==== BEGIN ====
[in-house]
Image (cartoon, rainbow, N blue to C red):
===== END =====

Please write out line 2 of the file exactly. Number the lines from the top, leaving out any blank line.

Image (cartoon, rainbow, N blue to C red):